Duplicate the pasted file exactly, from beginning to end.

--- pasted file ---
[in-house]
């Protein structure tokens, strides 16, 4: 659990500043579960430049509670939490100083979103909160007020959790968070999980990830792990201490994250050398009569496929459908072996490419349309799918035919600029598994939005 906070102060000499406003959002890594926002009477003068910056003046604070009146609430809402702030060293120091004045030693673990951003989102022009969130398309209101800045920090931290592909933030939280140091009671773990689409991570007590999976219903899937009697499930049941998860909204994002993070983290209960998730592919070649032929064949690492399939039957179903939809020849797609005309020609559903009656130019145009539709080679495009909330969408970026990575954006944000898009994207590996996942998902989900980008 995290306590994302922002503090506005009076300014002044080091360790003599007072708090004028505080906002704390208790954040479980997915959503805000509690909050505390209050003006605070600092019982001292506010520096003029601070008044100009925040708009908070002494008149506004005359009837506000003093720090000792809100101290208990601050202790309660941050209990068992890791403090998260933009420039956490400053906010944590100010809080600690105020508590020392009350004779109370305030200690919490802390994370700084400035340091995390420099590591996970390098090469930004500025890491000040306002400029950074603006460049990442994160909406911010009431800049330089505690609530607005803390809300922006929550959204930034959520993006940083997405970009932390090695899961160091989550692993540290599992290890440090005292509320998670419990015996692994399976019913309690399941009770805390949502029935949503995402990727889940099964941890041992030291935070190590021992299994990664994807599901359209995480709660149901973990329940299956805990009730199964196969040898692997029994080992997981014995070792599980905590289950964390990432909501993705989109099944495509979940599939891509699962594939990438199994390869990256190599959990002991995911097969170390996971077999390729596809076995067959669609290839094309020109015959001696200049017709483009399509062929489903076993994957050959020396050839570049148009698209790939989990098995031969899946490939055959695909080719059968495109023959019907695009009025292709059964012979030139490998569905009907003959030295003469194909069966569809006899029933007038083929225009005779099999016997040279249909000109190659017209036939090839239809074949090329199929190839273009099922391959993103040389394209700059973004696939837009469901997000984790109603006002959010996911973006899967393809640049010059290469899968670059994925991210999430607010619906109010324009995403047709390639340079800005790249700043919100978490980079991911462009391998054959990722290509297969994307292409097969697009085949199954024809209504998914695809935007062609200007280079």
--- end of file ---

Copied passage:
[in-house]
């Protein structure tokens, strides 16, 4: 659990500043579960430049509670939490100083979103909160007020959790968070999980990830792990201490994250050398009569496929459908072996490419349309799918035919600029598994939005 906070102060000499406003959002890594926002009477003068910056003046604070009146609430809402702030060293120091004045030693673990951003989102022009969130398309209101800045920090931290592909933030939280140091009671773990689409991570007590999976219903899937009697499930049941998860909204994002993070983290209960998730592919070649032929064949690492399939039957179903939809020849797609005309020609559903009656130019145009539709080679495009909330969408970026990575954006944000898009994207590996996942998902989900980008 995290306590994302922002503090506005009076300014002044080091360790003599007072708090004028505080906002704390208790954040479980997915959503805000509690909050505390209050003006605070600092019982001292506010520096003029601070008044100009925040708009908070002494008149506004005359009837506000003093720090000792809100101290208990601050202790309660941050209990068992890791403090998260933009420039956490400053906010944590100010809080600690105020508590020392009350004779109370305030200690919490802390994370700084400035340091995390420099590591996970390098090469930004500025890491000040306002400029950074603006460049990442994160909406911010009431800049330089505690609530607005803390809300922006929550959204930034959520993006940083997405970009932390090695899961160091989550692993540290599992290890440090005292509320998670419990015996692994399976019913309690399941009770805390949502029935949503995402990727889940099964941890041992030291935070190590021992299994990664994807599901359209995480709660149901973990329940299956805990009730199964196969040898692997029994080992997981014995070792599980905590289950964390990432909501993705989109099944495509979940599939891509699962594939990438199994390869990256190599959990002991995911097969170390996971077999390729596809076995067959669609290839094309020109015959001696200049017709483009399509062929489903076993994957050959020396050839570049148009698209790939989990098995031969899946490939055959695909080719059968495109023959019907695009009025292709059964012979030139490998569905009907003959030295003469194909069966569809006899029933007038083929225009005779099999016997040279249909000109190659017209036939090839239809074949090329199929190839273009099922391959993103040389394209700059973004696939837009469901997000984790109603006002959010996911973006899967393809640049010059290469899968670059994925991210999430607010619906109010324009995403047709390639340079800005790249700043919100978490980079991911462009391998054959990722290509297969994307292409097969697009085949199954024809209504998914695809935007062609200007280079």